What’s not to like for a consumer or family to have easy to use enterprise style features (web sync, push email, etc) for the “consumer computing experience”?  I’ve been looking forward to MobileMe since announced, and now have my 4 Macs, iPhone, and iPod Touch sync’d together and working quite nicely.  My phone is used more outside the home;  the iPod touch, for example, on wireless, while wandering around the home, working in the garage or home office, or more “corporate desk” which has only a company laptop (but with quick notification now of any new emails on my .MAC account.  I think in spite of the early teething pains this will be a success.  And judging by companies like Axel Springer who are converting to all Mac, I’m sure this kind of functionality is welcome. 

    Do I expect a firm like where I work to care?  (using WIN2K and ancient versions of office apps), not hardly, though they have already looked into the iPhone, and with the revised 2.0 firmware capabilities may start supporting it, as it addresses the past issues and concerns.  It’s a German company, and Apple does have an unusual status over there, unlike, say, Asia.

    Those who care just take things into their own hands, and use the office laptop or PC to deal with email and necessary intranet client software. 

    Funny, with this Snow Leapard update, I bet I could setup a Mac on our network without problems and run the most of the internal applications, too, as they’re Java based.

    It’s going to be interesting to see how this unfolds.

    jonmarsh had this to say on Jul 14, 2008 Posts: 3
  • I disagree with the article on three grounds.

    1) Some “Enterprise” features are popular and useful in a domestic context.

    2) Whilst Macs are a long way from being the tool of choice for big business, they have long supported small business, and their are a number of small businesses out there loyally using Macs, who would be abandoned if Apple were to drop support for business.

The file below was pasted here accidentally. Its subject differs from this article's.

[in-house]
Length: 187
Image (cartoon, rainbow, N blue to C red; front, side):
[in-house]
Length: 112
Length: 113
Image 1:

3) In order to be taken seriously Macs need to be seen to be functional in a business environment, many domestic customers would not buy a computer unless it had some of this functionality, even if they didn’t really need it.

    R.A.M. had this to say on Jul 14, 2008 Posts: 1
  • So AppleMatters is now focusing on protecting Microsofts’ Enterprise Business. This article is a good sign for Apple.

    zato3 had this to say on Jul 14, 2008 Posts: 26
  • zato3,

    It was all down hill once I started using Vista.

    James R. Stoup had this to say on Jul 14, 2008 Posts: 122
  • Big business, big government, and big enterprise, will never buy iPhones, nor Macs. They perceive that they are too expensive and not compatible with Microsoft’s products. After all no IT manager ever was fired for buying IBM compatible/Microsoft.

    But, small business is fertile ground for Apple. These smaller businesses are run by entrepreneurs who would be attracted to the iPhone, but who are already entrenched in the PC/Microsoft world. Apple’s betting that once the entrepreneurs get a taste of using Apple’s products through the iPhone, they might have their IT manager begin to replace their old computers with Macs over time. I don’t think that Apple believes that this will happen tomorrow or the next day, but maybe in a few weeks or years.

    flyboy had this to say on Jul 14, 2008 Posts: 30
  • If you were making this argument a few years ago I would be more inclined to agree with you. Google IBM and Macs, then google Macs, iphones and the army. I don’t think it’s teasing , it’s testing. I also don’t believe that Apple is going after the enterprise market, it is the other way around. Apple has been riding the halo effect of the ipods into more homes, why wouldn’t that continue into the workplace? It only makes since, to me, people that converted and liked it would want to use them at work as well. If there is, and I believe there is, enough demand for this product at the enterprise level, doesn’t the iphone makes even more sense? Maybe. “What if” snow leopard (server) brings support for those enterprise apps?

    Danimal had this to say on Jul 15, 2008 Posts: 5